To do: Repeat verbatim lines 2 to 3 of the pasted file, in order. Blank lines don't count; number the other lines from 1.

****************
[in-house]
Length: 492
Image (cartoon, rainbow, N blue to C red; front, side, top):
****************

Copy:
Length: 492
Image (cartoon, rainbow, N blue to C red; front, side, top):